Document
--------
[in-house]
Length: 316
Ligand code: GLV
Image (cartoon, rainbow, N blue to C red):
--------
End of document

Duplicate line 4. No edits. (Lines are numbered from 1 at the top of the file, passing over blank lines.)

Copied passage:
Image (cartoon, rainbow, N blue to C red):